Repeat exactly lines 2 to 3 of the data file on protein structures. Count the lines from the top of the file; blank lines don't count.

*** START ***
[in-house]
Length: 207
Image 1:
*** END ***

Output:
Length: 207
Image 1: